The New England region of the United States is located in the upper northeastern corner of the country. Boston is its cultural center, and the region includes the following states: Connecticut, Maine, Massachusetts, New Hampshire, Rhode Island, and Vermont. New England is perhaps the best-defined region of the U.S., with more uniformity and more of a shared heritage than other regions of the country. Together, the Mid-Atlantic and New England regions are generally referred to as the Northeastern region of the United States.
The earliest European settlers of New England were English Protestants who came in search of religious liberty. They gave the region its distinctive political format — town meetings (an outgrowth of meetings held by church elders) in which citizens gathered to discuss issues of the day. Town meetings still function in many New England communities today and have been revived as a form of dialogue in the national political arena.
New England has often played a leading role in American history. From the late 18th century to the mid to late 19th century, New England and its colleges were the nation's religious and intellectual center, and the region was a commercial trading powerhouse. During this time, it was a dynamic and productive region, and the city of Boston competed well against New York, Philadelphia and Baltimore. New England, like the Mid-Atlantic and the South, grew rich on agriculture, commerce, trade and general progress. Relatively unscathed by the Civil War, the region continued to prosper into the 20th century.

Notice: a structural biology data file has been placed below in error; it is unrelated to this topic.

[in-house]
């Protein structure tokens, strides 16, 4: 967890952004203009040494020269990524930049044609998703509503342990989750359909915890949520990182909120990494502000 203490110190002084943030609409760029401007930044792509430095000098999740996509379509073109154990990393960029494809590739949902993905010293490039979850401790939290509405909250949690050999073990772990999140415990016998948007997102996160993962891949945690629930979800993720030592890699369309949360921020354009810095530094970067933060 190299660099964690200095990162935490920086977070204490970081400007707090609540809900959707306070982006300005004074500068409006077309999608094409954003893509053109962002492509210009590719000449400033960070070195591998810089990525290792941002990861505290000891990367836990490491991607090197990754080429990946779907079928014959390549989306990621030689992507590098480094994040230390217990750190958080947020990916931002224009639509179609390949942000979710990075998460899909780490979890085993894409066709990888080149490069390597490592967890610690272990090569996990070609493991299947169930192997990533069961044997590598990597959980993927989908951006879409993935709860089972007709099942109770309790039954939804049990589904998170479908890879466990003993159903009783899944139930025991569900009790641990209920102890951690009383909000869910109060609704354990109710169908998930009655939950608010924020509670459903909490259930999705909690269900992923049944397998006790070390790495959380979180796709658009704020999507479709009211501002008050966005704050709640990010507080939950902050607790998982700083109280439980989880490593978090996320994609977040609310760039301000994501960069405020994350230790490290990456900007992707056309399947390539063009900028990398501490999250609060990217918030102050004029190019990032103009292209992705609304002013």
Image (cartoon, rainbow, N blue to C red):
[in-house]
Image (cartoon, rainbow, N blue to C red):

Education is one of the region's strongest legacies. The cluster of top-ranking universities and colleges in New England—including Harvard, Yale, MIT, Brown, Dartmouth, Wellesley, Smith, Williams, Amherst, and Wesleyan—is unequaled by any other region. America's first college, Harvard, was founded at Cambridge, Massachusetts in 1636. Relatively speaking, the region lacked natural resources except for "ice, rocks, and fish," but a number of the graduates from these schools ended up settling in the region after school, providing the area with a well-educated populace and its most valuable resource. True to their enterprising nature, New Englanders have used their brains to make up the gap. For instance, in the 19th century, they made money off their frozen pond water, by shipping ice in fast clipper ships to tropical locations before refrigeration was invented.
New England is also important for the cultural contribution it has made to the nation. As the oldest of the American regions, this area developed its own distinctive cuisine, dialect, architecture and government. Despite a changing population, much of the original spirit of New England remains. As a whole, the area of New England tends to be progressive in its politics, albeit restrained in its personal mores. Due to the fact that so many recent European immigrants live in the region and due to the influence of the many universities, the region often shows a greater receptivity to European ideas and culture in relation to the rest of the country.
In the 20th century, most of New England's traditional industries have relocated to states or foreign countries where goods can be made more cheaply. In more than a few factory towns, skilled workers have been left without jobs. The gap has been partly filled by the microelectronics, computer and biotechnology industries, fed by those same educational institutions.
New England has always received a great deal of attention from American writers - Ralph Waldo Emerson, Nathaniel Hawthorne and Stephen King (all born in New England), and contemporary playwrights like Arthur Miller (who brought colonial New England back to the future in his McCarthyism allegory The Crucible) all wrote in or about New England.